Apparently it’s the year of returning characters. Both Marvel and DC seem to be on their classic reintroduction and renumbering methods in order to pull in alienated fans (Marvel a little more egregious than DC) but these last few efforts at reintroducing teams and forgotten heroes / villains on DC’s part, to be fair, has actually been a lot of fun. Characters like Plastic Man, Booster Gold and Hawkman are characters that had a fundamental spot in the pre-New 52 era of DC comics and to see them coming back slowly into the spotlight is a welcomed change to the otherwise safe but stale main line of heroes. Batman / Superman / Wonder Woman and the rest of the league are great characters, I like them all, but they only go so far in entertainment value. DC Universe is massive in scale, and they’re finally showing that again for the first time since 2011. Justice League Dark is another addition to that growing gallery. In the beginning of the New 52, JL Dark had a healthy run unlike some of the other mentioned titles, but it quickly became somewhat bland. While we had some great, well-known characters like Constantine, the New 52 roster was quickly replaced by new and less interesting weirdos of the DC universe. This new JL Dark looks promising, bringing some much needed attention to the dark and mysterious underbelly of the DC Comics world with a roster of fan favorites.
Magic is all out of whack and the entire magic community of the DC Universe is feeling its effects. Zatanna’s magic shows are going all wrong, Constantine is lying low, Swamp Thing is in despair and much of the rest of the magic world has gone into hiding. After the events of No Justice, Wonder Woman is tasked with creating and leading a magic focused department of the Justice League. While WW isn’t exactly the most textbook Magic user on the League, her time on her home island Themyscira and history with the Greek Pantheon provide more experience than any other league member. Still, Wonder Woman doesn’t exactly fit into the Magic side of the world. It’s dark, mysterious and things aren’t quite so black and white as truth and justice. Wonder Woman is a paragon of light, and that alienates her. That, along with the unanswered going-ons with Magic in general makes things a little difficult for Diana. The Magic world isn’t exactly friendly with each other, though with a great evil force descending upon them in the near future, Wonder Woman will have to find a way to band these old allies together again and reform the Justice League Dark
Tynion IV is writing this comic, which is a good and a bad thing. His story writing and his big scale tendencies make for really exciting and intense comic books. But Tynion is most well known for writing big event style comics. Metal, Batman Eternal, Zero Year, etc. So JL Dark quickly feels perhaps too big for its britches. It’s extremely dialogue heavy, and we’re quickly thrown into a storyline that’s world ending in size. It’s a little jarring from what you would expect of Justice League Dark, which usually deals with the shadows and the terrors underneath your bed. I’m not saying the writing is bad, it’s actually quite good, but I’m concerned of the direction this comic is immediately going in, and how much staying power it has if it goes huge from the very beginning. Tynion’s work on Constantine does show that he knows the Magic world of the DC Universe, and his style and finesse with these kind of darker characters shows pretty well in this first issue. Wonder Woman is a great paragon to balance everything out, and I think she’s a really intelligent aspect that will bring an awesome spin on the otherwise bleak comic. Not to say the comic shouldn’t be bleak, it should, that’s what JL: Dark is, but we’re quickly finding a strong balance with WW and I really enjoy it.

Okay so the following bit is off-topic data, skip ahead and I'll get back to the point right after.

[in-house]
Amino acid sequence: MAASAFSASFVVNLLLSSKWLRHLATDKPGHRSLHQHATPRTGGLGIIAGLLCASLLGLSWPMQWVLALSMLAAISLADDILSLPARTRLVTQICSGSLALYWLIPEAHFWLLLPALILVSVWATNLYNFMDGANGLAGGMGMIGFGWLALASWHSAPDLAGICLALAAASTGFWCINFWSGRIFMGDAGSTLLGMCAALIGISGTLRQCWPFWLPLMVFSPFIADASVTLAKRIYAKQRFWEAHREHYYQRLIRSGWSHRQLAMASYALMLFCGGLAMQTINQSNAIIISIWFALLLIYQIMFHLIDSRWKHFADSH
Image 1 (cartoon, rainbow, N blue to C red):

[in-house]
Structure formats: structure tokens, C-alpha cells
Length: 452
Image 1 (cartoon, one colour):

Dark has great writing and beautiful art, to be expected, though its story starts out huge with questionable room to grow. Hopefully Tynion can pull through and deliver a team comic with some staying power.
(4.5 / 5)
All good things must come to an end, and Peter Tomasi’s run on Superman was a very, very good thing. Upon the release of New 52, Superman became a very different character. He was young, inexperienced, perhaps a little angsty. It was a massive shift from the type of Superman that had been so recognizable for the back 80 years. Kudos to DC for trying something different, for taking such a staple character and twisting him just enough to really shake things up, but it didn’t work, and for a few years we were left with a Superman that just wasn’t very likable. Nostalgia overtook us. Fans of Superman longed for the truth and justice boyscout to come back to the DC frontline once again. Haters of Superman realized they didn’t care what DC did, and as such, voices were heard. Rebirth Superman was whole again, and Tomasi took everything about that old Superman and ran with it, this time with his young son Jonathan to help him out. It was the most fun I’ve had with a comic book in a really long time, but Tomasi eventually was shifted out, and he moved on to other projects. Brian Michael Bendis, after his departure from Marvel Comics, took over the comic book, and as controversial as he is across the comic book industry, Superman would be his chance to show his skills on the comic page once again.
Superman #1 opens showing the superpowered Kryptonian in all his superhero glory – putting out fires, punching giant dinosaurs, exploring the unknown reaches of space. You know, the typical stuff. After realizing the true history of his planet (something I won’t spoil here), Kal is in a bit of a bind. Could he be doing more? And what is he raising his young superpowered son to be? A hero like him? Being perhaps the most powerful mortal in the entire universe had it benefits, but it came with some difficulties too, and perhaps Kal could provide something more for his son than just his legacy. J’onn J’onzz, a similarly powered being with a similar backstory has an option for Supes. Become the world’s leader. Hell, become the leader of the galaxy. Superman is a good person, a benevolent person. He could bring the people of Earth and others together. Uncountable amounts of needless turmoil would be put to rest. People would rally around him, desperate for change. Kal, for obvious reasons isn’t exactly convinced. Though perhaps on paper it was a good idea. Perhaps he could do more. He half heartedly says he’ll think about it, knowing the idea is pretty sketchy.